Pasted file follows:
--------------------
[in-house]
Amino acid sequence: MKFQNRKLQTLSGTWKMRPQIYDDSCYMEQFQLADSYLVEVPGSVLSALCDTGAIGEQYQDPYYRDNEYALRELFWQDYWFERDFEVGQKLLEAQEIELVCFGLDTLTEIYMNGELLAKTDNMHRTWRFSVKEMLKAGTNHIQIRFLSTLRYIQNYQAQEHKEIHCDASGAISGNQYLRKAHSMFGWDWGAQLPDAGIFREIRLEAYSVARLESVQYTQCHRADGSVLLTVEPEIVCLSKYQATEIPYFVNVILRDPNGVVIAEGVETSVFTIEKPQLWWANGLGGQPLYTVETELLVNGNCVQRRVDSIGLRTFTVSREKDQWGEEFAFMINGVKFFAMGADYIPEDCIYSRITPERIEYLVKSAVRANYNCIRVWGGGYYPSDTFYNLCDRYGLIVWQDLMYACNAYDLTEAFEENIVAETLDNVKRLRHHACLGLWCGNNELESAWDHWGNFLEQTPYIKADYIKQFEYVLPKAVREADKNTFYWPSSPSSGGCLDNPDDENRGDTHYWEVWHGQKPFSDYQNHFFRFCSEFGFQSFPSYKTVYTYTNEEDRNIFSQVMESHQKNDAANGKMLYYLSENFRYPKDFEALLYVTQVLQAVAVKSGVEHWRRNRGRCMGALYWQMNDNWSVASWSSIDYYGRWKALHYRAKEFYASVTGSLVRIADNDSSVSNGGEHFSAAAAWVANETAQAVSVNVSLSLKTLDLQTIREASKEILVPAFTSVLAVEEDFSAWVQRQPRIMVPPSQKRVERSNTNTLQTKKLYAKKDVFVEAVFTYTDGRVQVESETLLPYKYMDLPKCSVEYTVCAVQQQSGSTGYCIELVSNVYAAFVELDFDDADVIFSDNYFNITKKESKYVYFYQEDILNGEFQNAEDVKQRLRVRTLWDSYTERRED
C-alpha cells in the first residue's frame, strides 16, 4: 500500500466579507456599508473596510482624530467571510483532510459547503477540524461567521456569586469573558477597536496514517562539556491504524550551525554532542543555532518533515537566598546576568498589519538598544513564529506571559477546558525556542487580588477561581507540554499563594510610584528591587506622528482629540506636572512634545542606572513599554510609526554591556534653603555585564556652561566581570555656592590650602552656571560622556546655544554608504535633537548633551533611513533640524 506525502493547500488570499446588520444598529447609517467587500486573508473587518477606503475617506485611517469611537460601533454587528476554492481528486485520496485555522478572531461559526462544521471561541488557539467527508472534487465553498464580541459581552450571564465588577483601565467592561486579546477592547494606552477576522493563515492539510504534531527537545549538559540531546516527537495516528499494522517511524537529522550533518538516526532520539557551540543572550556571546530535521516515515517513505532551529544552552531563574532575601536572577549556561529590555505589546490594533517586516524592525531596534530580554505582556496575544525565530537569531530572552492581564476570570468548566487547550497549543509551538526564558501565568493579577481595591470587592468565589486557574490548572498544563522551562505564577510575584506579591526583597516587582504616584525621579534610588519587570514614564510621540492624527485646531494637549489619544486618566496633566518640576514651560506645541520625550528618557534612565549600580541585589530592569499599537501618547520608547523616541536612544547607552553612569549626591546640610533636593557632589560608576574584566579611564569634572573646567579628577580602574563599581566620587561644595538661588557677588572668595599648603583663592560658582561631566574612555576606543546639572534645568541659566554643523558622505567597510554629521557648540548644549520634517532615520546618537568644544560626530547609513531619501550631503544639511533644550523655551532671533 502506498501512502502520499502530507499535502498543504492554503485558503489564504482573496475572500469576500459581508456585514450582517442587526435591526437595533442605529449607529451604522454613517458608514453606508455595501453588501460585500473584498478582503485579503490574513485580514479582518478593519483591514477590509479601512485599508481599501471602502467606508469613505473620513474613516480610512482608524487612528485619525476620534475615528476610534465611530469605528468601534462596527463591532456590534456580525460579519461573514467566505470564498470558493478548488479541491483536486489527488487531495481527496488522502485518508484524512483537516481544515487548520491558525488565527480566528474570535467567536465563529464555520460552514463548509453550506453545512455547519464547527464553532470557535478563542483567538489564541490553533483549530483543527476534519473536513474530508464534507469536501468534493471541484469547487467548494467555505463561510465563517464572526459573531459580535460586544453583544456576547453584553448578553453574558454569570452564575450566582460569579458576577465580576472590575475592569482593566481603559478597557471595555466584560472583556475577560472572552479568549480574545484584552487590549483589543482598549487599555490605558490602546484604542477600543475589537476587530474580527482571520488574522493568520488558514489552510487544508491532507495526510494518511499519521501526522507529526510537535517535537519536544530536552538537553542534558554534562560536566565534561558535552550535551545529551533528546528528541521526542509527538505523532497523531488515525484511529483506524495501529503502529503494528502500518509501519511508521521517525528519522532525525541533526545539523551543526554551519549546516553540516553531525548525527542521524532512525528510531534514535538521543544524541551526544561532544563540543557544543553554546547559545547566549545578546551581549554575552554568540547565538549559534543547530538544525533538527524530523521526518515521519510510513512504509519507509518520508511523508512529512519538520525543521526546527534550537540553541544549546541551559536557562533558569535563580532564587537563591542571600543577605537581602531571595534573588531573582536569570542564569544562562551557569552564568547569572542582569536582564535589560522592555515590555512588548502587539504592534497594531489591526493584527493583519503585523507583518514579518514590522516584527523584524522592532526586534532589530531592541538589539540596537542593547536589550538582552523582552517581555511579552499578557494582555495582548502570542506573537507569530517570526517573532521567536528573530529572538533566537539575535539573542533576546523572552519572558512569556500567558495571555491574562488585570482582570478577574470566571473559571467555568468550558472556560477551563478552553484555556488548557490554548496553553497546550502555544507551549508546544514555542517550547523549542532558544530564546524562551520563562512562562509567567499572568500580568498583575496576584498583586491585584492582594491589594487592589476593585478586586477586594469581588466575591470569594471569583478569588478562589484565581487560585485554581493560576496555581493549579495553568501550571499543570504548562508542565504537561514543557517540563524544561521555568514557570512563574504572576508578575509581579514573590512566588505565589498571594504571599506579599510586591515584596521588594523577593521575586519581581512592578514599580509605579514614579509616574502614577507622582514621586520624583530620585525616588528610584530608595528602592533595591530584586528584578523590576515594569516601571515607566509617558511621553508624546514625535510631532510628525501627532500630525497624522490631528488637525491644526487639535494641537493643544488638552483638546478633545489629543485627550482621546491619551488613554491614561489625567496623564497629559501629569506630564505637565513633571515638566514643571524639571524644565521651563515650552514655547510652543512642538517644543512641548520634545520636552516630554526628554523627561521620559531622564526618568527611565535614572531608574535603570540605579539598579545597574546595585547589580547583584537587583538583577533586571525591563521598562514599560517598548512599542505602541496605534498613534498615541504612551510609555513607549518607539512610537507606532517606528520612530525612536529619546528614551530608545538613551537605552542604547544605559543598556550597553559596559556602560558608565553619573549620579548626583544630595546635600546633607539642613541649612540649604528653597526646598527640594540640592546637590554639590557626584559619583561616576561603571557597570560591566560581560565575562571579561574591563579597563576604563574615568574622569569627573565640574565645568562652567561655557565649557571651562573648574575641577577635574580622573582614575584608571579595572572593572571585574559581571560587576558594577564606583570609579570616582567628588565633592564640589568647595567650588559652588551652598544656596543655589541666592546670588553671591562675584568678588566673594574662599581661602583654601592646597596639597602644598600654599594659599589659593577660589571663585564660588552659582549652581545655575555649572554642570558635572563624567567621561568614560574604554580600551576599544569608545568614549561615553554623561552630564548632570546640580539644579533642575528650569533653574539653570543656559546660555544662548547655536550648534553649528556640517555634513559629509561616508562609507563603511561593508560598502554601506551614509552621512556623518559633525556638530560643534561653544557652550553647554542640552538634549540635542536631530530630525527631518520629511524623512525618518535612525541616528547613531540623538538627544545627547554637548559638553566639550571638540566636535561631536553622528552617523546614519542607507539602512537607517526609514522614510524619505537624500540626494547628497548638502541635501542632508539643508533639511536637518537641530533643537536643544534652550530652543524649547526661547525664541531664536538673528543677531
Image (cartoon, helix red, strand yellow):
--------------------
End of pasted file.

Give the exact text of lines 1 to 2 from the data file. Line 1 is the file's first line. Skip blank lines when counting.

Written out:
[in-house]
Amino acid sequence: MKFQNRKLQTLSGTWKMRPQIYDDSCYMEQFQLADSYLVEVPGSVLSALCDTGAIGEQYQDPYYRDNEYALRELFWQDYWFERDFEVGQKLLEAQEIELVCFGLDTLTEIYMNGELLAKTDNMHRTWRFSVKEMLKAGTNHIQIRFLSTLRYIQNYQAQEHKEIHCDASGAISGNQYLRKAHSMFGWDWGAQLPDAGIFREIRLEAYSVARLESVQYTQCHRADGSVLLTVEPEIVCLSKYQATEIPYFVNVILRDPNGVVIAEGVETSVFTIEKPQLWWANGLGGQPLYTVETELLVNGNCVQRRVDSIGLRTFTVSREKDQWGEEFAFMINGVKFFAMGADYIPEDCIYSRITPERIEYLVKSAVRANYNCIRVWGGGYYPSDTFYNLCDRYGLIVWQDLMYACNAYDLTEAFEENIVAETLDNVKRLRHHACLGLWCGNNELESAWDHWGNFLEQTPYIKADYIKQFEYVLPKAVREADKNTFYWPSSPSSGGCLDNPDDENRGDTHYWEVWHGQKPFSDYQNHFFRFCSEFGFQSFPSYKTVYTYTNEEDRNIFSQVMESHQKNDAANGKMLYYLSENFRYPKDFEALLYVTQVLQAVAVKSGVEHWRRNRGRCMGALYWQMNDNWSVASWSSIDYYGRWKALHYRAKEFYASVTGSLVRIADNDSSVSNGGEHFSAAAAWVANETAQAVSVNVSLSLKTLDLQTIREASKEILVPAFTSVLAVEEDFSAWVQRQPRIMVPPSQKRVERSNTNTLQTKKLYAKKDVFVEAVFTYTDGRVQVESETLLPYKYMDLPKCSVEYTVCAVQQQSGSTGYCIELVSNVYAAFVELDFDDADVIFSDNYFNITKKESKYVYFYQEDILNGEFQNAEDVKQRLRVRTLWDSYTERRED